I predict that Time magazine’s 2010 Person of the Year is going to reinvent the insurance industry. Not sure if he knows this yet, but that’s just because he is still young enough to be insured under his parents’ health policy. Perhaps on his birthday in 2011, when he is no longer covered, he will start thinking about it.
Mark Zuckerberg, the 26-year-old CEO of Facebook and 35th richest person in the U.S., has attracted more than 500 million users to his social networking empire. Indeed, Facebook—depending on who you believe—may account for as much as 7 percent of all Internet traffic.
So why do I think someone like him will revolutionize insurance? That’s simple. The insurance industry is facing challenges that make it ripe for a “Napster Moment,” the moment when some other industry steps in and redefines the game.
You understand why the moment is nigh. The industry faces shrinking distribution, increasing regulation, public scrutiny and market dynamics that nobody can seem to keep up with.
Many are looking to tangential industries for the answer…investments, banking, even retail. But no, I do not agree. I am betting on the dark horse, Zuckerberg.
Why? Facebook/Social Media has three key elements that are required for insurance to work:
- A large, diverse pool of people
- The ability to track and store large amounts of data and make predictions from it
- Social awareness of the burden of uninsured risks
And it has four things that today’s insurance industry does not have, but probably wishes that it did:
- Significant levels of involvement and engagement by users
- Viral marketing power
- Instant feedback about what people like, dislike and what is attracting the most attention at any given moment
- A hedge against antiselection (Yes actuaries, lean into this one.…)
Hang Onto Your Hats
Here is a relevant piece of history that leads me to this conclusion. Back before insurance was created, communities dealt with the threats of risk and destitution with a method that was affectionately known as “pass the hat.” When the breadwinner of a family died or became severely sick or injured, communities would respond by taking up collections to help the family get by, and thereby avoiding them from becoming a burden on society. In the 1700s, Lloyds of London had the idea to execute this collection process “in advance” of the events versus “in arrears.” It would then take the reliance off of the generosity of others and into structure. They called the contributions premiums, and they set it up so that only those who contributed their fair share would be eligible for any benefits when they needed them. The concept of pooling of risks made this more effective than passing the hat, and the innovation of insurance was born. In the case of life insurance, the government gave incentives in the form of tax benefits to encourage the use of this vehicle for the good of society.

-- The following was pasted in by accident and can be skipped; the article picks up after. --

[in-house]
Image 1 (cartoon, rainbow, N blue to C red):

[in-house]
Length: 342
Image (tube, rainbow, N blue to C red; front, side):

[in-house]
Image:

Over time, the industry shifted its focus to older, wealthier people who could afford to maximize those tax benefits, leaving many younger families underserved. In addition, the economic risk of death is not as catastrophic as it once was, causing the product to become less relevant.
If you are to get into the heads of today’s younger people, they would probably be more favorable to the life insurance industry if it defined itself as being in the “lifestyle continuity” business. That is, making sure that any risk of messing up their future plans is covered.
So what happens when a 20-something falls victim to one of these risks like losing a job, getting very sick, wrecking their car or losing their home? They could go home to mom and dad, which is one option. But what if they don’t have parents or their parents don’t have the means to help them? They turn to each other for help. And they are a generation of kids very willing to help those in need. They are interested in social good and sustainability. So they “pass the mobile device.” And they put their troubles out on Facebook, and they ask for help—and often get it. What if this ability was more formally structured? And the method for collecting and distributing funds was simple?
Laughing All The Way To The iPhone
More than $24 million was raised for Haitian relief after the earthquake in January of 2010, and it was all done with text messaging in a matter of about a week’s time. A bank never touched the money. The telecom companies were the ones that got to handle it for a moment.
Now, if you combine that ability to collect and distribute funds quickly with the power of a social network, the “Napster Moment” in insurance is born. Facebook has the opportunity to cover the risks handled by the insurance industry today.
And you actuaries who were waiting for the antiselection hedge, it lies in the transparency of knowing who is contributing and who is receiving benefits, as well as the lifestyles and habits of these individuals. Someone who is a bad risk to the pool (i.e., a particular social network) will be addressed by the group. It’s all out there for people to see. Perhaps they will be voted off the island. Or is that a different piece of pop culture?
So Mark, Are You Reading This?
I suspect Mark Zuckerberg is not reading this article; however, I also suspect that he doesn’t need to in order to come up with the idea. Could an insurance company lead this instead? With the right innovation process and “out-of-the-jar” thinking, perhaps. Maybe I should post this suggestion on Facebook and see who “likes” it.
Wishing you a Happy and Innovation-Filled New Year!